The Vietnam War sparked countless controversies, from when it started and even years after it ended. But did you know that there was an extreme course of action the government took during the Vietnam War, which cost the lives of many American soldiers?
Project 100,000 was an idea of former Secretary of Defense Robert McNamara to increase the recruits of American soldiers for the Vietnam War. He lowered the recruitment standards, which in turn significantly increased war casualties.
Robert McNamara’s 100,000
The American involvement in the Vietnam War was rapidly escalating in 1966. Then-President Lyndon B. Johnson faced the huge challenge of recruiting men enough to impact the war. Robert McNamara, President Johnson’s secretary of defense, had a brilliant idea.
McNamara wanted to widen the pool of Americans eligible for drafting into the military forces. McNamara’s plan was simple, the number of people eligible to be drafted would dramatically increase if the standards were lowered. McNamara pointed out that many young people flunked the military’s entrance exam, the Armed Forces Qualification Test.
The former secretary of defense argued that if the standards for passing the test were lowered, tens of thousands of previously unqualified individuals would suddenly be available for military service. By August 1966, McNamara unveiled his plan in the convention of Veterans of Foreign Wars, promising that his plan could salvage some 40,000 draft rejects and substandard volunteers who were mostly from poverty-encrusted backgrounds.
His framing of the plan was a compassionate rescue mission of disadvantaged youths who will have a chance of a better life through military services and the training it would provide them. McNamara further argued that the military could raise the intelligence of those low-aptitude students through various means like videotapes and closed-circuit TV lessons.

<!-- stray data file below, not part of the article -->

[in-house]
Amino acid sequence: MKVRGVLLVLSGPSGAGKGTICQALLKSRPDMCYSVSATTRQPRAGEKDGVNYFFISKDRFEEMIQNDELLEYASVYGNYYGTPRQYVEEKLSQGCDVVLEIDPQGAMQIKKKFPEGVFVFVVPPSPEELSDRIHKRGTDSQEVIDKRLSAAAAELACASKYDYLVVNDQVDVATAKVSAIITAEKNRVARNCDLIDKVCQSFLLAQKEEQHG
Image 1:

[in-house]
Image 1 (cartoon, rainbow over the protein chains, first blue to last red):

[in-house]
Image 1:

McNamara’s plan was a dramatic expansion of the Special Training Enlistment Program (STEP). STEP was supposed to be a three-year program of the exact nature but was declined by Congress in the previous years.
The program was called Project 100,000, named for its target first fiscal year recruitment, and was launched on October 1, 1966. By the end of the Vietnam War, the project recruited more than 350,000 soldiers, to which President Johnson privately referred to as second-class fellows. (Source: History Net)
The Aftermath of Project 100k
McNamara’s 100,000 came to be known as McNamara’s Misfits. Many reports from service members’ observations that many people with extremely low mental capacities were drafted into the war. Many could not read nor write, didn’t understand the paperwork they were filling in, and ultimately didn’t know they were going to war.
Serviceman Hamilton Gregory accounts the story of one of these men. He and other service members struggled to help second-class fellows. They had to help them tie their shoes, make their beds, and even read and write.
Despite their reports and pleas for these men’s safety, they were ignored, and the soldiers were shipped to Vietnam. It was reported that these men died three times at the rate of their peers. It was estimated that 5,500 were killed in action and some 20,000 wounded. (Source: The Happy Neuron)